Providing the soil load has not reached a certain threshold, and the soil type is compatible with the detergent, the answer is yes – the carpet does look clean. Essentially the soil is brought into contact with the detergent, and distributes itself over larger volume of carpet. The reduction is soil intensity in any given area is one of the reasons the carpet looks immediately clean. The polymers in the encapsulating detergent also help (temporarily) repair scratches on the fibre which make carpet look dull, and have a crystalline structure which reflect light.

So is the soil still in the carpet after cleaning?

Yes, but it is wrapped in a very fine polymer coating, and distributed in such a way that it is not visible (when performed in the correct situation). The next dozen or so vacuuming cycles will typically snap and chip the dried up polymer, completing the cleaning cycle.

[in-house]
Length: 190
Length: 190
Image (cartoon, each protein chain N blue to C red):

What advantages does encapsulation offer?

Encapsulation can allow for large areas of carpet to be cleaned quickly, quietly and efficiently. There are enormous reductions in water usage (compared to extraction cleaning), and in some instances the residual polymer provides some protection and barrier to future soiling.

In what instance would you use encapsulation, and wouldn’t use it.

Very low moisture encapsulation was designed as a commercial carpet cleaning system, where carpets are frequently vacuumed, and require rapid drying times with good visual outcomes. Deep spills and soils are not addressed as well with encapsulation, and encapsulation is not suitable for pathogen control (removing blood, urine, faeces or vomit) from carpet. The soils we encounter in most instances domestically, require extraction cleaning. Domestic carpets are typically lived on (sat on, layed down on, crawled on). In most instances domestic carpets are better suited to deep extraction cleaning, although there are exceptions to this.

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Mighty Clean Carpet Cleaning Penrith is a leading provider of carpet and upholstery cleaning in the Penrith area. Our philosophy is simple: To deliver the most safe, most effective, and affordable carpet cleaning service.